|No. V (AC) Squadron RAF|
|Active||26 July 1913 – 1 April 1918 (RFC)|
1 April 1918 – 20 January 1920 (RAF)
1 April 1920 – 1 August 1947
11 February 1949 – 25 September 1951
1 March 1952 – 12 October 1957
20 January 1959 – 7 October 1965
8 October 1965 – 30 September 2002
1 April 2004 – 31 March 2021
|Branch||Royal Air Force|
|Motto(s)||Frangas non flectas|
(Latin for 'Thou mayst break, but shall not bend me')
|Squadron badge heraldry||A maple leaf, commemorating the squadron's close links with the Canadian Corps during the First World War. Approved by King George VI in June 1937.|
|Squadron codes||QN (Apr 1939 – allocated but possibly not used) |
OQ (Sep 1939 – Feb 1941, Mar 1946 – Aug 1947)
B (Mar 1952 – 1955)
A (Aug 1986 – Dec 1987)
CA–CZ (Tornado F.3)
Number 5 (Army Co-operation) Squadron (although His Majesty the King awarded No. V (Army Cooperation) Squadron) was a squadron of the Royal Air Force. It most recently operated the Raytheon Sentinel R1 Airborne STand-Off Radar (ASTOR) aircraft from RAF Waddington, Lincolnshire, between April 2004 until March 2021.
First formed in July 1913, the squadron served throughout the First World War, holding the distinction of gaining the first loss and kill for the Royal Flying Corps. No. V Squadron relocated to India in 1920 where it remained during the Second World War. During the Cold War, No. 5 (Fighter) Squadron flew the English Electric Lightning and Panavia Tornado F3.
Formation to First World War
No. 5 Squadron of the Royal Flying Corps (RFC) was formed at Farnborough, Hampshire, on 26 July 1913, from members of No. 3 Squadron. Following the outbreak of the First World War, No. V Squadron deployed to France on 15 August 1914, equipped with a variety of aircraft types to implement reconnaissance for the British Expeditionary Force (BEF). It flew its first missions on 21 August and on the next day, an Avro 504 of No. 5 Squadron was the first British aircraft to be shot down, its crew of pilot Second Lieutenant Vincent Waterfall and navigator Lieutenant Charles George Gordon Bayly being killed over Belgium. On 24 August, No. V Squadron became the first unit in the RFC to shoot down an enemy aircraft with gunfire when Lt. Wilson and Lt. Rabagliati shot down a German Etrich Taube near Le Cateau-Cambrésis.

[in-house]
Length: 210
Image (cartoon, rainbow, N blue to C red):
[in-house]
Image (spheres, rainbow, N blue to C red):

No. 5 Squadron standardised on the Royal Aircraft Factory B.E.2, specialising as observers for artillery, re-equipping with the Royal Aircraft Factory R.E.8 in May 1917, and working closely with the Canadian Corps, through to the end of the war and into 1919, when it moved into Germany as part of the Army of Occupation. (Its association with the Canadian Corps led to the incorporation of a maple leaf in the squadron's badge when it was approved in June 1937).
No. V Squadron returned to the UK in September 1919 before disbanding on 20 January 1920. The squadron was reformed at Quetta, India (now part of Pakistan) on 1 April 1920, when No. 48 Squadron was renumbered. There it continued working in Army Air Cooperation for operations on the North West Frontier. Upon reformation the unit was equipped with the Bristol F.2B which were flown up until 1931. In May 1931, No. 5 Squadron began to convert to the Westland Wapiti Mk.IIa.
Second World War
At the outbreak of war in September 1939, No. 5 Squadron were based at Fort Sandeman, still equipped with the Westland Wapiti biplane. The squadron became a light bomber unit when it converted to the Hawker Hart in June 1940. No. 5 Squadron further converted to the Hawker Audax in February 1941, using it as a fighter. In December 1941, the squadron relocated to RAF Dum Dum, Calcutta, and began to receive their first monoplane – the American-built Curtiss Mohawk Mk.IV. Posted to RAF Dinjan, Assam, in May 1942, No. V Squadron became tasked with escorting Bristol Blenheim bombers over north west Burma.
The Mohawks were replaced by Hawker Hurricane Mk.IIcs and Mk.IIds in June 1943 while the squadron was based at RAF Kharagpur. In September 1944, No. 5 Squadron converted to the Republic Thunderbolt Mk.I and Mk.II. In May 1945, No. V Squadron was withdrawn from the front line in preparation for the liberation of Malaya from Japanese occupation, however this was never carried out due to the Japanese Empire surrendering on 15 August 1945.